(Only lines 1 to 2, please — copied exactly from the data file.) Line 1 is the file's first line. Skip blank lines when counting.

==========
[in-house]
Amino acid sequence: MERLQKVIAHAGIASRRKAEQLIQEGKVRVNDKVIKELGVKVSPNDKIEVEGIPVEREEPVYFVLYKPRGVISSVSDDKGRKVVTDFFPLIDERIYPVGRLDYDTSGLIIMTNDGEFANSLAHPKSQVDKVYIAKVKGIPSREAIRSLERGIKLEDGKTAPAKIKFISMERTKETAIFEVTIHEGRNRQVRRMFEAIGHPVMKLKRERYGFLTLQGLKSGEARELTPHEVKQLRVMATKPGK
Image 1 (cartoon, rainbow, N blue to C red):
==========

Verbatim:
[in-house]
Amino acid sequence: MERLQKVIAHAGIASRRKAEQLIQEGKVRVNDKVIKELGVKVSPNDKIEVEGIPVEREEPVYFVLYKPRGVISSVSDDKGRKVVTDFFPLIDERIYPVGRLDYDTSGLIIMTNDGEFANSLAHPKSQVDKVYIAKVKGIPSREAIRSLERGIKLEDGKTAPAKIKFISMERTKETAIFEVTIHEGRNRQVRRMFEAIGHPVMKLKRERYGFLTLQGLKSGEARELTPHEVKQLRVMATKPGK